10,000 Portland-area grocery workers authorize strike

By Norisa Diaz
10 July 2019

Ten thousand Portland-area grocery workers voted nearly unanimously last week to authorize United Food and Commercial Workers (UFCW) Local 555 to call a strike against the supermarket chains Albertsons, Fred Meyer, QFC, and Safeway. Negotiations between the UFCW and corporate management have not resulted in a new contract in over a year.

Another 15,000 UFCW members in other areas of Oregon and Southwest Washington will vote over the next two months. UFCW Local 555 declared that "a final decision will not be made until all votes from across the jurisdiction are aggregated."

Albertsons Companies operates Albertsons, Safeway, Vons and Pavilions stores, while the Fred Meyer, QFC and Ralphs stores are part of The Kroger Co.

Workers are demanding higher wages that keep up with the cost of living. One worker who emphasized her support to strike posted on social media that “wages aren’t going to go up, but everything else will, including rent. 25 cents extra won’t cut it. We need a living wage and Kroger doesn’t care.” Another grocery worker explained that he has been working for thirteen years, but “My W-2 [wage and tax statement] is almost the same as it was when I started.”

The authorization in Portland comes less than two weeks after 46,000 workers at three of the largest supermarket chains in Southern California—Albertsons, Vons, and Ralphs—also voted to authorize a strike. A walkout would hit 532 stores, or more than 30 percent of supermarkets throughout the region, affecting some 24 million people.

The UFCW has kept the workers on the job since the expiration of their contract in March. Negotiations are scheduled to resume today and last through July 12. Due to the widespread support for a fight among workers, Teamsters Joint Council 42 announced that truck drivers would not deliver goods to the supermarkets in the event of a strike.

Although the supermarket giants are colluding to demand major wage and benefit concessions from workers, the UFCW has blocked any effort to unify grocery workers in Southern California, the Pacific Northwest and other regions of the country, including New England, where 31,000 Stop & Shop workers struck for 11 days in April.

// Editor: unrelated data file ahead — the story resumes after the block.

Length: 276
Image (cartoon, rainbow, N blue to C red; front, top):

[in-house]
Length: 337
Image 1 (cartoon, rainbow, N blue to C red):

Portland workers have been kept in the dark about contract negotiations, which have been going on since May 2018. Despite Local 555 having had eleven bargaining meetings, not an ounce of information has been posted about the content of the negotiations. Workers have been told only to “wear their buttons” and to “remain in contact with each other.”

Jeff Anderson, Secretary-Treasurer of UFCW Local 555, declared on the union’s website that, “The working class in our country work too hard to be living in their cars and store break rooms. No one with a job (or two!) should be eligible for food stamps, and yet these employers pay so little that many UFCW members are put in the position of needing to access government benefits in order to feed their families. This is not the fault of those who are working incredibly hard to make ends meet. It’s the fault of greedy corporations.”

Such conditions are an indictment of the UFCW as much as the supermarket bosses. The fact is the UFCW has colluded with management to impose decades of concessions on grocery workers and it bears equal responsibility for the conditions, which compel workers to live in their cars and store breakrooms.

A 2010 study of southern California grocery workers showed that wages had declined by 12.6 percent over the previous decade, from $12.97 to $11.33 in 2010 dollars, while the percentage of food retail workers living in poverty rose from 43% in 1999 to 54% in 2010. The situation has only worsened since the financial crash of 2008 even as the profits and share values of the supermarket chains skyrocketed.